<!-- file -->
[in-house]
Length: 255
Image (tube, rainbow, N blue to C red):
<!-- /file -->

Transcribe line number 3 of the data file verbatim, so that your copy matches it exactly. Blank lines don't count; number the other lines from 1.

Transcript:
Image (tube, rainbow, N blue to C red):